HOUSTON (Reuters) - Shuttle Atlantis astronauts used cameras on a robot arm to inspect their spacecraft on Wednesday to see if a mystery object seen falling near the ship posed a threat to its safety.
The scan was the third of the mission and had not been scheduled until the object was spotted on Tuesday, creating concern that a key component, such as a piece of the heat shield that protects the shuttle during its fiery descent to Earth, had broken off.
Atlantis was supposed to land at Kennedy Space Center in Florida on Wednesday, but the mystery object and a forecast of bad weather led NASA to postpone the shuttle's return until at least Thursday.
The previous inspections, on Sept. 10 and 18, revealed no damage. NASA managers said the unidentified object was most likely harmless debris, but they ordered the latest survey just to be sure.
The U.S. space agency operates under much stricter safety rules since shuttle Columbia broke apart while landing on Feb. 1, 2003, due to heat shield damage that went undetected.
The accident killed Columbia's seven astronauts and caused NASA to ground the shuttle program for 2 1/2 years.
The Atlantis mission follows two test flights to refine post-Columbia safety upgrades and was the first of at least 15 flights to complete the half-finished International Space Station by 2010, when shuttles will be retired.
Atlantis was on its way back from the station, where its crew installed a $372 million solar power unit and truss structure, when the dark object was seen during television shots from Atlantis.
PIECE OF PLASTIC
Shuttle program manager Wayne Hale said in a Tuesday evening briefing that the object could be ice or perhaps a small piece of plastic that came loose when the Atlantis crew tested flight controls on Tuesday morning.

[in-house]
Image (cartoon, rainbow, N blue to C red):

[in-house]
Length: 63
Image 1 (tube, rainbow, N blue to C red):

The plastic piece, a spacer between heat shield tiles, was seen hanging out during an earlier survey and deemed non-threatening.
"That could be what we saw," he said. "It's not held in there by anything but friction. By the shock (of the tests), it could have floated away."
A second smaller object was spotted later on Tuesday by Atlantis flight engineer Dan Burbank, but Hale said it appeared to be "just a plastic bag that came from somewhere (in the shuttle) and got loose."
Should the inspection turn up something worrisome, the shuttle could go back to the space station for further assessments or to wait for a rescue mission for its crew.
A return to the station would make things crowded there because a Russian Soyuz spacecraft carrying cosmonaut Mikhail Tyurin, U.S. astronaut Michael Lopez-Alegria, and American tourist Anousheh Ansari arrived early on Wednesday after launch on Monday from Kazakhstan.
With the station's newly-installed 73-metres solar-power array in the background, Soyuz could be seen in television shots creeping toward the space outpost 352 km above Earth before docking with a gentle bump.
"We have arrived," Tyurin said.
He and Lopez-Alegria will replace Jeff Williams and Pavel Vinogradov, who have been on the station for six months and are scheduled to return to Earth with Ansari on Sept. 28.
German astronaut Thomas Reiter will stay aboard with the new station crew until his replacement arrives during the next shuttle mission, currently scheduled for December.
Did you find this article insightful?